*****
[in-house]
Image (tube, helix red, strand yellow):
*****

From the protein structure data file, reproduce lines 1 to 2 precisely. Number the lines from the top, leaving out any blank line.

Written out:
[in-house]
Image (tube, helix red, strand yellow):